U.S. regulatory agencies still haven't approved a plan to modify the 482,000 Volkswagen 2.0-liter TDI diesel cars equipped with "defeat device" software used to circumvent emissions laws.
It will likely cost VW billions of dollars to update the delinquent cars, and it may not be practically possible for certain models.
That prompted 45 environmental leaders and Silicon Valley executives, including Tesla Motors CEO Elon Musk, to suggest that VW shouldn't bother.
In a letter addressed to Mary Nichols, head of the California Air Resources Board (CARB), they advocated forcing Volkswagen to build zero-emission vehicles instead.
CARB has to sign off on any proposed recall program for the VW diesels, as does the U.S. Environmental Protection Agency.
But forcing VW to build more electric cars won't really address the issue of its emissions cheating, says the environmental justice community in a letter of its own.
2015 Volkswagen Passat TDIEnlarge Photo
Signed by 15 leaders of environmental, conservation, and health groups, the rebuttal to the don't-repair-them letter insists that Volkswagen must recall all affected diesel cars and counteract the excess pollution they have caused, plain and simple.
The original letter suggested releasing VW from its obligation to fix non-compliant diesels, and instead directing it to "greatly accelerate its rollout" of zero-emission cars.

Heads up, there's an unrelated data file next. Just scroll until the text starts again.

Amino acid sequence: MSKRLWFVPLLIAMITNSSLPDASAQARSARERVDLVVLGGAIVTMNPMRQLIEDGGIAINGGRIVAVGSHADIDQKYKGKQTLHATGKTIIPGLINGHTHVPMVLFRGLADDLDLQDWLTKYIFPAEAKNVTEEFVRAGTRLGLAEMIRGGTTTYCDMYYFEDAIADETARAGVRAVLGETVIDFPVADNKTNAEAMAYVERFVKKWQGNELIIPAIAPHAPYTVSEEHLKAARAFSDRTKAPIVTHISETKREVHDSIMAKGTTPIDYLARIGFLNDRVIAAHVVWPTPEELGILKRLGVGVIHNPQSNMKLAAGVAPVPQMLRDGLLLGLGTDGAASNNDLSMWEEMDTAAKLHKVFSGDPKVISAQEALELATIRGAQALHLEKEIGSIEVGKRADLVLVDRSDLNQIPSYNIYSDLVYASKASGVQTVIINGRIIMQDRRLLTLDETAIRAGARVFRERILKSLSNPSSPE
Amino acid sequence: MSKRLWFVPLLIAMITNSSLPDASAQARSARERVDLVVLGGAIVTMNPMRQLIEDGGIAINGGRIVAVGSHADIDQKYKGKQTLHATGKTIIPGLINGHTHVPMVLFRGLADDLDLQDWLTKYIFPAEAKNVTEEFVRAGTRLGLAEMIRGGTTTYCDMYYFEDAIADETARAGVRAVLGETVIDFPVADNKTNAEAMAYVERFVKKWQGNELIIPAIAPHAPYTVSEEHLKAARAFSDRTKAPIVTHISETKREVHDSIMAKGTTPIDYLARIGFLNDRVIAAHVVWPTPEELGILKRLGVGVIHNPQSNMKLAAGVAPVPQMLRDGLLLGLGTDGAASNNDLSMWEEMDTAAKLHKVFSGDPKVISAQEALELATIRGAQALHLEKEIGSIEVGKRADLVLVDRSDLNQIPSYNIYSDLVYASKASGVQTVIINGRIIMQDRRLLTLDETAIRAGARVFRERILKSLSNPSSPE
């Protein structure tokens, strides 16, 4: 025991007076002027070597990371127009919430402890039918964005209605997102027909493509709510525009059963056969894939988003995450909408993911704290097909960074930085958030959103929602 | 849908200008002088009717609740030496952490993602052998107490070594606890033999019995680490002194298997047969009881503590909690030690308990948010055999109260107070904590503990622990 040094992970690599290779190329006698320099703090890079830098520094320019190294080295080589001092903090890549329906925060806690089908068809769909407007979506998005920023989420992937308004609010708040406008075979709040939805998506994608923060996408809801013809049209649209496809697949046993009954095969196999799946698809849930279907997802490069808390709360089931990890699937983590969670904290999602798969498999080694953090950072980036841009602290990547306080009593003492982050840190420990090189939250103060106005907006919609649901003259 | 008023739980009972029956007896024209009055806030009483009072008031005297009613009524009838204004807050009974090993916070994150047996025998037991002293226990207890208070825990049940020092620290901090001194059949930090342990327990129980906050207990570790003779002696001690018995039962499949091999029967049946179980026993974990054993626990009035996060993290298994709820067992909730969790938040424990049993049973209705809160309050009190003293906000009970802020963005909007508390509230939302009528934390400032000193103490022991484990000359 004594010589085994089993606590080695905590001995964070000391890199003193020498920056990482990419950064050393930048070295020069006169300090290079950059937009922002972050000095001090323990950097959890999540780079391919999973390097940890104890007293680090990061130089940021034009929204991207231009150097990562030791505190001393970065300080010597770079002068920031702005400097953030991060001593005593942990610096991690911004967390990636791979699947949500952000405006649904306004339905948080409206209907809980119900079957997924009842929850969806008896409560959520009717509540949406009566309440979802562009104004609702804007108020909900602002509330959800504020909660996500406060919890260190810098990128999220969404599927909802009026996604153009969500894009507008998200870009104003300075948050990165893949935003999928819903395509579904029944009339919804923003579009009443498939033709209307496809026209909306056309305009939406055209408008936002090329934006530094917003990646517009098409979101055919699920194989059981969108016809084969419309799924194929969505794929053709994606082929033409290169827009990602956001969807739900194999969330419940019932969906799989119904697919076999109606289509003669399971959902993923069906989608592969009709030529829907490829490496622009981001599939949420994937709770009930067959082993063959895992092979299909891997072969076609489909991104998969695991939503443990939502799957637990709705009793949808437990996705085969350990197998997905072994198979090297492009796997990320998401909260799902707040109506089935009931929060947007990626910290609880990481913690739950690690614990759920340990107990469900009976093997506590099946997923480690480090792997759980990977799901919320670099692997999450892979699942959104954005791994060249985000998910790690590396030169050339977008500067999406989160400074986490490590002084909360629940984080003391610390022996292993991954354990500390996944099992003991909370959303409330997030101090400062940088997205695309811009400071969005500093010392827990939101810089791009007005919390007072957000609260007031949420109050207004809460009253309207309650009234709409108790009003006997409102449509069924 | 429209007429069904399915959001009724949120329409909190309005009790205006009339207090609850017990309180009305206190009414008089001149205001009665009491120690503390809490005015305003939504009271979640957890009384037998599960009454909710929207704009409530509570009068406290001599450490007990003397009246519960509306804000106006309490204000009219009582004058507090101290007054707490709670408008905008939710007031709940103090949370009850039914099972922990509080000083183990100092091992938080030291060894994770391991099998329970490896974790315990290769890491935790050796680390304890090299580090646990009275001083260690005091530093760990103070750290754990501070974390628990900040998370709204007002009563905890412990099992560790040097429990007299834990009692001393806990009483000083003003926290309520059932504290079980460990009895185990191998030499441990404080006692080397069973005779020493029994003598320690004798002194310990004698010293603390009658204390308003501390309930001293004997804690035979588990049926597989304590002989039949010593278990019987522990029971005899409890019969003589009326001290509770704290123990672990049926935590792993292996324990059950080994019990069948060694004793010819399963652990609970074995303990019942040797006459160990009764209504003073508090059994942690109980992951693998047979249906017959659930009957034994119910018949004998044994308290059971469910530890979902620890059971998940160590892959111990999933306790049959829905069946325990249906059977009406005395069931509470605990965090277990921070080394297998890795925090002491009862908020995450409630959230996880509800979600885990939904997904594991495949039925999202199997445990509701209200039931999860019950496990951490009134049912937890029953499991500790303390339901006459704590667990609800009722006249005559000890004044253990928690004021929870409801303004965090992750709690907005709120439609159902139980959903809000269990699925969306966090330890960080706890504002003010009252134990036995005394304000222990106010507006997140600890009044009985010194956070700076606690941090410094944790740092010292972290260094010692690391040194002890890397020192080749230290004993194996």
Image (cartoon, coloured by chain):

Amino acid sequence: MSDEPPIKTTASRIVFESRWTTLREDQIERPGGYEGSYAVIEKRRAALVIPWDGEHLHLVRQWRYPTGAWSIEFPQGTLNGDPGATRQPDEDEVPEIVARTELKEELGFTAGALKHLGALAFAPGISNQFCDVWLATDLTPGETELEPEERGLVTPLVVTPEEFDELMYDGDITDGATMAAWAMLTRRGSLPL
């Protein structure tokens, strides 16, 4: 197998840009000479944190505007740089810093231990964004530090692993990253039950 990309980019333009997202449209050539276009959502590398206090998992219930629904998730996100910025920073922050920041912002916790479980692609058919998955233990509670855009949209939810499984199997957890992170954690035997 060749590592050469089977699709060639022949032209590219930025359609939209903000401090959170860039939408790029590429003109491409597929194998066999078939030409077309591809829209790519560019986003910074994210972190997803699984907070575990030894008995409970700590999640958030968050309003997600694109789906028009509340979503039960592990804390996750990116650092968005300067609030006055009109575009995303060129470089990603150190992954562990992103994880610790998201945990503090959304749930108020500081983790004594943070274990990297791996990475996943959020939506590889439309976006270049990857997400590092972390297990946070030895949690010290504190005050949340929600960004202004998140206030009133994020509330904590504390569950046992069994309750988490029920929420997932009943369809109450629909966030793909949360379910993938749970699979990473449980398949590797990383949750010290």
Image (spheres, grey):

While it supports CARB's work to "transition California's transportation system to a zero-emission vehicle future," the signers from environmental justice groups feel the Silicon Valley proposal fails to address the damage already done by the VW diesels.
That proposal "does not address the real health impacts" caused by the non-compliant diesels, the group says.
It also "offers no remedy to the purchasers of the defective VW diesel vehicles," who often bought their cars because of a perceived environmental benefit, the letter notes.
Rather than forgive Volkswagen's transgressions, the signers call for a full investigation, and prosecution to the fullest extent of the law.
2015 Volkswagen Golf TDIEnlarge Photo
Vigorous prosecution is essential to "deterring this kind of intentional and egregious violation of laws that protect public health," the letter says.
Yet there are still ways to use punitive measures against VW to promote electric cars, the proposal suggests.
It calls for using penalties collected by CARB to fund programs that help increase the deployment of zero-emission vehicles in lower-income communities.
Volkswagen should also be forced to pay for pollution-mitigation measures equal to "several times" the total amount of excess emissions produced by its diesel vehicles.
And to ensure that these measures have a meaningful impact, VW should also foot the bill for more extensive near-road air quality monitoring, says the group.
CARB received a proposal from Volkswagen for modifying the 482,000 2.0-liter TDI cars in late November, but recently decided to extend its deadline to reject or approve that proposal.
No details of the proposal have been made public, but VW can't proceed with a recall unless CARB approves it.
[hat tips: Bruce Mirken, Felix Kramer]